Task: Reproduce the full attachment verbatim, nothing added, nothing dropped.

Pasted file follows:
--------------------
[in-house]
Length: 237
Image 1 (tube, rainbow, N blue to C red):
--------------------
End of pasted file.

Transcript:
[in-house]
Length: 237
Image 1 (tube, rainbow, N blue to C red):